Last week, economist Steve Keen went on record to predict that Australia's economy would fall into recession in 2017.
In doing that, Keen made a back-of-the-envelope calculation linking changes in the rate of private sector debt growth available with real economic growth available via an Excel spreadsheet.
We were intrigued by the math, so we've converted the spreadsheet math into the simple tool below, in which anyone can play with the numbers to predict how a nation's economic growth might change over the next year based on just a handful of factors.
The default numbers apply for the years 2016 and 2017 for Keen's Australia example, but you're more than welcome to substitute the numbers that apply for other nations or years of interest. If you're reading this article on a site that republishes our RSS news feed, please click here to access a working version of this tool!
In the tool above, "Current Nominal Credit Growth Rate" is the rate at which private sector debt increased from the previous period to reach its current value. The "Projected Nominal Credit Growth Rate" is the rate that would apply in the future period under consideration.
The reason why changes in the rate at which private sector debt grows would have predictive power for future economic performance comes down to why people in the private sector of the economy take on debt in the first place. It is because they reasonably expect to have sufficient income in the future where they will be able to make payments without significant problems.
As such, the forward-looking expectations that influence decisions to take on debt in the private sector, and consequently economic growth as a result, serve a similar role to what the expectations for earning dividends in the future do for setting the current and projecting the future value of stock prices. The math involved is certainly very similar.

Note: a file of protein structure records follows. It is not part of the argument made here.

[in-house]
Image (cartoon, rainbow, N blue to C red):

As for Steve Keen's recession call for Australia, we should caution that he has been famously wrong before, particularly with respect to Australian housing prices, yet at the time he made that ill-fated prediction, the impact of China's massive economic stimulus on the strength of Australia's resource-exporting economy was an unknown factor. China's stimulus worked to significantly boost Australia's economy in 2009 and 2010, helping the nation to avoid falling into recession at that time, which in turn, also helped sustain housing prices.
The rapid deceleration of China's economy today as the remnants of that previous stimulus effort evaporate provides a good argument in support of why a recession in Australia's future has become increasingly likely at this time.
It will be interesting to see what factors might intervene to either forestall or accelerate that scenario. Having gone 25 years without an official period of recession, Australia certainly has lived up to its reputation as the "Lucky Country" through this point in time.
Update 30 March 2016 9:46 PM EDT: Steve Keen e-mails a clarification - the output variables in the tool above have been reidentified as nominal and real aggregate demand growth rates rather than as GDP growth rates. It's a subtle difference, but a distinct one that better describes the tool's output!